The reason this “debate”– the “eye test,” wins, and batting average versus WAR et al.– isn’t really a debate is because the two sides have different descriptive goals. In short, the traditional group is concerned with what has happened, while the sabermetric group is concerned with what will happen. The former statically tallies the game’s basic value points, while the latter is out to better understand the past in order to predict the future. The basic stats on the back of a player’s baseball card aim to tell you what he did in prior seasons; the advanced statistics on Fangraphs, Baseball-Reference, or in Baseball Prospectus aim to tell you something about what he’ll do next year based on a deeper understanding of what he did in prior seasons.

The previous paragraph represents an oversimplification, and probably a gross one, but I think it accurately highlights the basic, if slight, misalignment of initial points of view from the two main groups of people talking about how we talk about baseball today.

Read more…

The DET Offensive: You forgot about J(ustin Verlander)

As the 2012 MLB season winds down– the Tigers are up three over Chicago with three games to go, all against the Royals– the national focus on Motown thankfully has shifted away from a record that has to be considered a disappointment even if the team makes the playoffs and onto the achievements of Miguel Cabrera, who is well within reach of winning the first Triple Crown since Boston’s Carl Yastrzemski in 1967, and whether those achievements make him a more worthy MVP than Mike Trout.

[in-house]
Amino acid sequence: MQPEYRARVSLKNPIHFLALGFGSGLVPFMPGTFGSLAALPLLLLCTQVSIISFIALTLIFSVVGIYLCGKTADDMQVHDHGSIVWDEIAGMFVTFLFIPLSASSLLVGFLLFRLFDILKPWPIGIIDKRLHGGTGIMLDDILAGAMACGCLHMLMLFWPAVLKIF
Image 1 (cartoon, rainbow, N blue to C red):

While it’s interesting to note that Cabrera is doing all of this while having his “worst offensive season in three years,” it’s more interesting that no one is talking about Justin Verlander as a serious Cy Young candidate despite his having a nearly identical season to the one he had last year, when he ran away with the Cy Young and took home the MVP as well. Joe Posnanski elaborates:

Justin Verlander is, in so many ways, every bit as good as he was last year. He’s striking out the same number of batters, walking just a tick more, and allowing fewer home runs than he did last year. He has given up a few more hits. But he leads the league in strikeouts and innings pitched like last year and you can add in most complete games.

It is true that last year he led the league in ERA and he’s second now to David Price … but he again leads the league in ERA+, which takes into account the ballpark where they pitch. Verlander pitches in Detroit, which has evolved into a pretty good hitters park. Price pitches in Tampa Bay, a hitter’s dungeon.